'American Rejects' contains songs that, really, are anything but "rejects"!
Rather, this is one's personal copy of a reference acetate made shortly
after the American Studios sessions for Elvis to evaluate RCA producer
Felton Jarvis' vocal overdubbing work on the rhythm tracks. This is likely
when Elvis first heard the female voices on "In The Ghetto" and hated them,
demanding Jarvis remove them from the master; then, upon further listening,
he changed his mind and told Felton to leave them on!
Of the seven tracks contained on this superb-sounding mono acetate, three
are alternate versions (the cover says four): "In The Ghetto," Without
Love" and "Hey Jude." The remainder are the lovely, unadorned master
takes, but they don't suffer for this; in fact, the listener can enjoy more
of the Presley voice this way! Presley works extremely hard to create a
perfect master for Mac Davis' "Ghetto," and the hard-core fan has heard
four variations (one here, two on the '60's box' and another on the
"import" 'American Crown Jewels'). The more up tempo acetate version
yields a huskier delivery from Presley, with subtle backing vocals and no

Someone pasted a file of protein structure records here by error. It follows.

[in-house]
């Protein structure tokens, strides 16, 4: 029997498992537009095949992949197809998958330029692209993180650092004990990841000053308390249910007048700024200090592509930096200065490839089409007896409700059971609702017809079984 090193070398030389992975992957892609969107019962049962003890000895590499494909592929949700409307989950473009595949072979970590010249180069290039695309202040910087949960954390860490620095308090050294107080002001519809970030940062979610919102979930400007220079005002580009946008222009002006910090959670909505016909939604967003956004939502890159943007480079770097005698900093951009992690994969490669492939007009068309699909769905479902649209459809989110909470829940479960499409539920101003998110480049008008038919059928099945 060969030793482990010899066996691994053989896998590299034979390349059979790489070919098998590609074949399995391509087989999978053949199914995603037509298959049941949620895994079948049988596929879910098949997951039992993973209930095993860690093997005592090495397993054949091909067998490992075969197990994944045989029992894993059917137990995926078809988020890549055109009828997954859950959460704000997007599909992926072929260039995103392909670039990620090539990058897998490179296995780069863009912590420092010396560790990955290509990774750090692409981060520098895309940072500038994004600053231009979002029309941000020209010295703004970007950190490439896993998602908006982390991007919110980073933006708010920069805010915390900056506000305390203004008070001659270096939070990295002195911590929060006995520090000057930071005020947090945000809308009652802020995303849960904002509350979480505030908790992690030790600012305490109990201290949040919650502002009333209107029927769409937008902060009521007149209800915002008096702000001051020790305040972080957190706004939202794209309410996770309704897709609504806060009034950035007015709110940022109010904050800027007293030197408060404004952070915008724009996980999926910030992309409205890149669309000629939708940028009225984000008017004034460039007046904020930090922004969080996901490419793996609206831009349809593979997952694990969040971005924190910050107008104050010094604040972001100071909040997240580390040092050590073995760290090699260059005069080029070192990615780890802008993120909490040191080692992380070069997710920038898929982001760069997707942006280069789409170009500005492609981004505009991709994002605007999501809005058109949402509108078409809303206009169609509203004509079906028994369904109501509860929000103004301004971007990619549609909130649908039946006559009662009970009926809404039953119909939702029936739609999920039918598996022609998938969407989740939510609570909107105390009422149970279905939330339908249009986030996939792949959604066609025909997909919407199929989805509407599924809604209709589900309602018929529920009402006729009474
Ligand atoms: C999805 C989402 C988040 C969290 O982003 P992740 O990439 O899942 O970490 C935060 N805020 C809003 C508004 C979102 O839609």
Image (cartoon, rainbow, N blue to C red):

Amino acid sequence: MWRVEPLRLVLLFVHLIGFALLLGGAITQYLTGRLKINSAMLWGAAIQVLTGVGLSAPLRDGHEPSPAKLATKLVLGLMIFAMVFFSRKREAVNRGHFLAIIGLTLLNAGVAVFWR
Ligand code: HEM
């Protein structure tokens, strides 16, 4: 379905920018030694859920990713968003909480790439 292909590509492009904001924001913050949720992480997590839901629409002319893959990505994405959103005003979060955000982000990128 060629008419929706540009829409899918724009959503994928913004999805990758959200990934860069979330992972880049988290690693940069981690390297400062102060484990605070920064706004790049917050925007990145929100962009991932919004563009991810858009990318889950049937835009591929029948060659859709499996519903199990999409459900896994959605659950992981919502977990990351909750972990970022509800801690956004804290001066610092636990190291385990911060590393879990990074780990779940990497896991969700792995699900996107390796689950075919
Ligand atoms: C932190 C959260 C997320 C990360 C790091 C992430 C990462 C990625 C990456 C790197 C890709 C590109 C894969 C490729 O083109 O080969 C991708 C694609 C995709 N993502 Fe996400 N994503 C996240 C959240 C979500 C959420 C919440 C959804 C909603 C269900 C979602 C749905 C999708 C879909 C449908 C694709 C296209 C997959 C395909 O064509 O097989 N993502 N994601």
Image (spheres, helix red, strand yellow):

strings; it's magnificent, but lacks the delicate touch of the final
Other highlights include the incredible alternate, pure version of "Without
Love," an aching, passionate ballad originally done by one of Elvis'
favorite r'n'b singers, Clyde McPhatter. This is Presley at his big ballad
best, subtle and dynamic beyond the scope of most vocalists. Until
recently this was totally essential, as it blew away the gaudy, overblown
hail of voices and strings that Jarvis coated onto the master take when
released in November '69 on 'Back In Memphis'; however, 'American Crown
Jewels' sports a clean stereo version of the master, which is nothing short
of amazing. It would have been a staggering live number for Presley.
Still, his singing on the acetate cut can bring a tear as well.
The master of "Inherit The Wind," not the best Eddie Rabbit tune Elvis cut
in '69, sounds so much better with just Elvis, the house band and some
backing vocals to delight the ear; on "A Little Bit Of Green" one hears
most of the master vocal (Elvis cleaned it up a bit more in a different
mix) but starts off clipped and fades early. In any case, Elvis' vocal is
sweeter than molasses on a summer day!
Those who are not fans of "Mama Liked The Roses" "This Is The Story" or
"Hey Jude" shall not be swayed by their undubbed counterparts. "Mama" is
slightly less bathetic without backing vocals, though, and Presley's
self-harmony is neat to listen to here. "Jude" simply should never have
been released; the arrangement doesn't work and it's akin to someone else
covering "Hound Dog" in 1957. Of course, Felton Jarvis gave it to the
world on the 'Elvis Now' album anyway. Elvis does the best he can with
"Story," aided and abetted by a very prominent organ and the female vocals
later heard as well on the released version.
If one loves what Elvis and producer Chips Moman accomplished in Memphis'
American Studio back in 1969, this CD is a worthy, wonderful companion
piece to 1997's essential "import" collection of similar tracks, 'American
Crown Jewels.' And who in the hell doesn't?
Sound rate ****